Prime Minister Justin Trudeau has vowed to renegotiate the Safe Third Country Agreement to apply to the entire border. The White House, however, has shown little interest in changing the status quo. Meanwhile, Texas Governor Greg Abbott has been busing migrants from his state to northern cities such as New York, where Mayor Eric Adams has sent many of them on to the Canadian border.

The influx has led Quebec Premier François Legault and federal Conservative Leader Pierre Poilievre to ramp up pressure on Mr. Trudeau to stem the tide. “We as a country can close that border crossing. If we are a real country, we have borders,” Mr. Poilievre said last month.

In a letter to the Prime Minister, Mr. Legault said that the province’s social services could not handle any more asylum seekers. He also warned that the new arrivals, who predominantly speak Haitian Creole or Spanish, would contribute to “the decline of French in Montreal.”

The number of people who made refugee claims after crossing at Roxham Road last year – almost 40,000 – is high by the standards of Canada, used to being geographically insulated from migration. In Mexico, it seems modest, a fraction of the more than 200,000 who tried to cross into the U.S. in December alone.

Migrants look out at the Rio Grande, which separates Mexico from Texas. Agents patrol the river on a Texas Game Warden boat.
Open this photo in gallery:

Migrants buy and sell food in Reynosa. Necessities of life can be hard to come by for the people living in the crowded shelters.

In Reynosa, the shelters are full, leaving many to live on the streets, in parks and in vacant lots. Hot, dusty and perpetually sunny even in late winter, the city feels a world away from the snow-covered forest surrounding Roxham Road. At one intersection near a large encampment, a dozen small businesses have sprung up under tarps strung between trees, with everyone from barbers to fruit sellers providing services to the migrants.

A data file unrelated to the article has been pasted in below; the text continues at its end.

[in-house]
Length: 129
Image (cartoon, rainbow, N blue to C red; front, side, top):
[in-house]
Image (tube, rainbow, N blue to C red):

Over a charcoal fire, 19-year-old Natalie Joseph helped prepare gorditas. She has spent much of her life on the move: She left Haiti at the age of 5, she said, with her family settling in Chile. Two years ago, worried about her prospects for finding work, she decided to hit the road with two friends. “You can get the basic necessities in Chile but we wanted something better,” she said.

Across the street, Maricianne Pierre said she had been waiting in Reynosa 2½ months. “I’d love to go to Canada. There are possibilities of school, social programs, work. I’m stuck here right now,” said Ms. Pierre, 40.

Maricianne Pierre, eight months pregnant, waits with her belongings outside the Senda de Vida shelter in Reynosa.
Pastor Hector Silva, who runs Senda de Vida, says the migrants are not just looking for a better life, and that is not a crime.

Hector Silva, a pastor who runs two shelters in the city, said he wasn’t sure what to tell people who were setting their sights north. He only hoped that the leaders of wealthy countries wouldn’t shut anyone out.

“We have a lot of people asking, ‘How can we do it – if we get the paper from the U.S., how do we get all the way to Canada?’ We don’t know,” he said as a U.S. Border Patrol chopper buzzed overhead. “They’re not criminals. Many people are running for their lives. Leaving the country looking for a better life is not against the law.”

At another shelter a few blocks away, Ricot Picot and his wife watched their two small children play. Mr. Picot, 42, who was a teacher in Haiti, said everyone would be better off if the people with power to decide immigration policy allowed them to complete their journey. “I pray for them,” he said. “We don’t have anything – no jobs, no support. We are not achieving anything staying here.”

Roxham Road and beyond: More from The Globe and Mail

The Decibel podcast

Why have so many asylum seekers entered Canada through Roxham Road, and how has a loophole in the Safe Third Country Agreement make that possible? Columnist Konrad Yakabuski explains. Subscribe for more episodes.

In depth

Asylum seekers face a long journey to freedom along Roxham Road

Asylum seekers in Niagara Falls see strife as tourist season nears

Legault asks Trudeau to press U.S. on Roxham Road

Follow related authors and topics

Authors and topics you follow will be added to your personal news feed in Following.

Interact with The Globe